Procurement Bill Can ‘Remove Veil’


Tribune Business Editor


A top engineer yesterday hailed the draft Public Procurement Bill as a tool that can “remove the veil” and “opaque processes” surrounding the award of multiple government contracts.

Quentin Knowles, the Bahamas Society of Engineers (BSE) president, told Tribune Business that the long-awaited legislation that has been released for a 30-day public consultation seems to promise the creation of an equitable ‘level playing field’ for all bidders on public sector contracts.

Revealing that he knew of companies and entrepreneurs who simply chose not to bid on government tenders because of perceptions they were always awarded to “favoured” rivals, Mr Knowles voiced optimism that the legislation will “go a long way” to boosting competition by expanding the bidding pool.

Describing himself as a small businessman of 30 years standing, the BSE chief said there were “too many forces” ranged against micro, small and medium-sized (MSMEs) in The Bahamas, and expressed hope that the Bill may “counteract” some of these.

Focusing on the construction industry and related professions specifically, Mr Knowles said he also wanted the Bill to encourage the Government to outsource more services and work to the private sector, pointing to the building inspection process and other aspects that have the potential to be “farmed out”.

“From my perspective, public procurement is basically giving equal access to the public to bid on any projects and products the Government may have,” Mr Knowles told this newspaper. “That’s my understanding of what this is all about, and it’s critical for me as a contractor and engineer.

“Procurement is what I do in contracting. That’s what contracting is all about; to secure the best price, product and resources. To give people who are suitably qualified equal access to all available procurement possibilities is going to be critical.

“I think the way it’s done presently, it’s a veil and such an opaque process,” he continued. “It’s not to say things are not being done in a correct way, but this Bill will probably remove that veil, if you will, and I think it will be a benefit not only to the Government but people out there who did not have access to opportunities.”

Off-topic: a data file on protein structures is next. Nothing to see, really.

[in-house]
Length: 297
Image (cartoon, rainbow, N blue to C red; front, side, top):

Complaints and allegations have long swirled over the process for awarding government contracts, with rejected bidders frequently challenging this and the selection of rivals. The Government, though, believes the Public Procurement Bill will both help save taxpayers millions and aid small businesses.

Besides producing better “value for money” through improved transparency and accountability surrounding the award of government contracts, the Bill also stipulates that all government agencies must award a minimum 10 percent of their contracts to Bahamian MSMEs.

Acknowledging that “having to embrace change is sometimes difficult in a government environment”, Mr Knowles said it was “human nature” for persons to deal with companies that they knew and trusted, which sometimes meant rival bids were not properly considered.

“There’s a lot of people that I know of, because of the perception they don’t have a chance to even go after some of these projects, they decide not even to bid even if it’s advertised in the newspaper because they feel there are people who would be favoured,” he added.

“It will go a long way to encouraging people who have not traditionally gone after government work to go after it... I haven’t looked at it [the Bill] in detail, but it seems like a really good thing if it’s properly implemented. That’s another question: Proper implementation will be the key. We have a lot of great laws and regulations on the books, but we sometimes struggle to implement.”

Mr Knowles said the “10 percent minimum” of contracts for small businesses may also help counter perceptions that they lack the resources and capability to undertake government contracts, which ultimately harms their growth and development.

“I’m a small businessman myself,” he told Tribune Business. “There are too many forces against small businesses in this country. Being an entrepreneur for 30 years, there are too many forces. The more this thing is brought into government it could really help counteract some of these negative forces. It is really tough to operate in this country.”

Turning to the Bill’s implications for his own profession, Mr Knowles added: “I am hoping that such a Bill will encourage entities such as the Ministry of Works to outsource more of the work they perform internally.

“For example much of the engineering, architectural, and related services that are currently being performed using internal resources at the Ministry can be easily, though a robust procurement regime, farmed out very successfully to the private sector.

“Substantial benefits would accrue from such a system. Firstly, this could reduce the need to expand the public service. Such an approach would also have the added benefit of building capacity in the private sector, particularly with the MSMEs, spurring entrepreneurship and all the benefits to the economy that would bring.”


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